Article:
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Protein and liver .. Study warns meat consumers

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The researchers focused on what is known as non-alcoholic fatty liver disease, which is usually associated with obesity and some dietary habits.

While doctors recommend dietary changes to treat this type of liver disease, research has yet to show clearly whether these changes can prevent it.

During the current study, the researchers looked at data from dietary questionnaires and liver fat tests from 3,382 people aged 70 years on average. The tests showed 1337 participants or 34 percent of non-alcoholic fatty liver disease, 132 of whom had a healthy weight and 1205 were overweight.

The analysis found that people who were overweight and had as much animal protein were 54 percent more likely to develop fatty liver disease than those who ate less meat.

"This does not take into account risk factors for non-alcoholic fatty liver, such as social factors, lifestyle and metabolic factors," said Dr. Sarwa Darwish Murad, a liver disease specialist at the Erasmus University Medical Center in Rotterdam, the Netherlands.

"Perhaps the most important thing is that there is no link to the amount of calories," she said by e-mail.

Participants who did not have fatty liver disease consumed an average of 2052 calories per day compared to 1996 calories for people with fatty liver, the researchers wrote in the journal Gastroenterology.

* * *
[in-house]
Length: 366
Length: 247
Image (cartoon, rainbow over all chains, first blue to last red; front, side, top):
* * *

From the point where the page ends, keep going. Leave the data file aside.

Most of the calories people get with fatty liver come from protein.

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The researchers focused on what is known as non-alcoholic fatty liver disease, which is usually associated with obesity and some dietary habits.

While doctors recommend dietary changes to treat this type of liver disease, research has yet to show clearly whether these changes can prevent it.

During the current study, the researchers looked at data from dietary questionnaires and liver fat tests from 3,382 people aged 70 years on average. The tests showed 1337 participants or 34 percent of non-alcoholic fatty liver disease, 132 of whom had a healthy weight and 1205 were overweight.

The analysis found that people who were overweight and had as much animal protein were 54 percent more likely to develop fatty liver disease than those who ate less meat.

"This does not take into account risk factors for non-alcoholic fatty liver, such as social factors, lifestyle and metabolic factors," said Dr. Sarwa Darwish Murad, a liver disease specialist at the Erasmus University Medical Center in Rotterdam, the Netherlands.

"Perhaps the most important thing is that there is no link to the amount of calories," she said by e-mail.

Participants who did not have fatty liver disease consumed an average of 2052 calories per day compared to 1996 calories for people with fatty liver, the researchers wrote in the journal Gastroenterology.

Most of the calories people get with fatty liver come from protein.

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